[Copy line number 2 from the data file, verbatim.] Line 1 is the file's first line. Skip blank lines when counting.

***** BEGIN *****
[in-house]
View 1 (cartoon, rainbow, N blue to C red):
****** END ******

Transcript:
View 1 (cartoon, rainbow, N blue to C red):